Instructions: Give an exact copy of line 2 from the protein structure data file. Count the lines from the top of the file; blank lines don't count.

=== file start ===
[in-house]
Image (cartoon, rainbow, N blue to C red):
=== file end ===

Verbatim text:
Image (cartoon, rainbow, N blue to C red):